Carbon price rally is just gaining momentum, and given the EU’s ambitious emission reduction targets, it is only a matter of time before EUAs reach another psychological level. In that context, the room for manoeuvre for Western European coal power plants is extremely limited.
One can hardly overestimate the importance of rising carbon allowances, as demonstrated by the fact that spark spreads in the region have remained much higher than dark ones during the last years. Between 1 April and 7 May 2021, the indicative front-month baseload spread for a medium-efficiency NWE gas-fired plant was €0.7/MWh while that for a 40pc coal unit stood at minus €5.5/MWh. Yet TTF Month-Ahead prices grew up by more than 25pc as compared to a 14pc increase in ARA coal prices over that period.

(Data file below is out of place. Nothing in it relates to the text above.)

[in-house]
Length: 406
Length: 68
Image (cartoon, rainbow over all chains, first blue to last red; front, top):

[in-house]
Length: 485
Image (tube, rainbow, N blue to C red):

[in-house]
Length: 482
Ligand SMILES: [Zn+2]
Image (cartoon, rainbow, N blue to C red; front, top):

Coal still plays a significant role in Western Europe’s energy mix, most notably in Germany, as a great part of lignite and hard coal production was hedged in previous years with carbon prices ranging from €5 to €25/tCO2. Meanwhile, each new record set for EUA price recalls that the future of coal predetermined, just as it was practically inevitable that Pep Guardiola’s team would return to the UEFA Champions League final 🙂 But if it took the Catalan boss ten years to reach that stage, coal may become a thing of the past more quickly in Western Europe.
The opinions expressed in this blog are mine only and do not reflect the views of my employer.